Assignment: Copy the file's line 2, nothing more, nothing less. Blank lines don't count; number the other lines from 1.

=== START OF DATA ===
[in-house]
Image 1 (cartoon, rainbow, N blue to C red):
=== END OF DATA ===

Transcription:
Image 1 (cartoon, rainbow, N blue to C red):